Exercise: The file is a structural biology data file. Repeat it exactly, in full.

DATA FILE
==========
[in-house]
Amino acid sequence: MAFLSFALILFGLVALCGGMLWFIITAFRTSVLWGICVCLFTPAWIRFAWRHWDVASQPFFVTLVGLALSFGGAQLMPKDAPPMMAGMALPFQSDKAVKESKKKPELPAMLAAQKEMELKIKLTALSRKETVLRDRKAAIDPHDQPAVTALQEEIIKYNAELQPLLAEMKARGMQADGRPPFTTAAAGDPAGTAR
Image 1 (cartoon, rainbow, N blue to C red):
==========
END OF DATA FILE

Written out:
[in-house]
Amino acid sequence: MAFLSFALILFGLVALCGGMLWFIITAFRTSVLWGICVCLFTPAWIRFAWRHWDVASQPFFVTLVGLALSFGGAQLMPKDAPPMMAGMALPFQSDKAVKESKKKPELPAMLAAQKEMELKIKLTALSRKETVLRDRKAAIDPHDQPAVTALQEEIIKYNAELQPLLAEMKARGMQADGRPPFTTAAAGDPAGTAR
Image 1 (cartoon, rainbow, N blue to C red):